Eight years ago, my supervisor at the time said something simple yet fairly profound in his assessment of me. He said that one of my strengths and flaws was my ability to see both sides of an issue. In his view, it was a strength in that I was able to understand people’s perspective and tend to refrain from being overly judgmental. But it was a flaw in that it held me back when it was time to make a decision and stand firmly on one side or another.

A few months ago, I had yet another annual performance review in a long line of annual performance reviews. As much as they’re necessary evils, I dislike them – both when I’m the one DOING the review (of my staff) and when I’m the one RECEIVING the review. I’ve had approximately 10-15 of them. I’ve done even more of them. I’ve grown weary of them. Partly it’s because they’re a little artificial and I think that people should be guided along a pathway on a day-to-day basis rather than face an annual assessment of how close to the path they’re staying.

I get along great with my boss, and mostly he said highly positive things about me, but one of the things he said about me has stayed with me because it reflected what I’d heard eight years ago. He said that sometimes I’m a bit too much of a “maybe” person – that I occasionally have trouble making a firm decision or seeing things as black or white, especially if it might negatively impact a person or group of people.

It’s true, it’s one of my greatest flaws. It’s also one of my greatest strengths. I am a leader and communicator partly because I can understand different people’s perspectives and can usually figure out the best way to get through to them and empathize with them wherever they stand. I can also find common ground in almost every disagreement. At the same time, I am held back in my leadership abilities because I am often not as directive or bold as I should be. I anticipate people’s negative responses to a decision (on one side or another), and so I hold back to avoid hurting them or causing dissent. I can usually see why something is a bad idea just as clearly as I can see why it’s a good idea. As a result, I get stuck in the middle of too many issues.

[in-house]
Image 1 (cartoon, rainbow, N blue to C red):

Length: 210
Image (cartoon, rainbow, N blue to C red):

I think this strength/flaw explains why I prefer to be a “facilitator” rather than a “leader”. In my current job, I have to be a leader. I have to make decisions for a team, and every time I do, there are some people who disagree with me. I don’t enjoy it. I don’t like to “play the heavy”. I’d rather be the consultant they hire to help them come up with good ideas, help them see their way through impasses, and help them figure out how to strengthen their communication and build their teams. That way I can leave the decision-making up to someone else as I wander off to another project or task. That way, I can use my strength/flaw to its greatest advantage and nobody gets hurt.

The truth is, I want to embrace this piece of me, this strength/flaw. I want to embrace it and make it beautiful, so that it will in turn bring beauty to what it touches. I don’t want to be afraid to be bold, but I also want to be content with being a “maybe person”. Because sometimes the “maybe persons” are the most comfortable ones to be with in the middle of all these shades of grey. And sometimes, the “maybe persons” are the ones that lead us in the directions that feels right for all of us.

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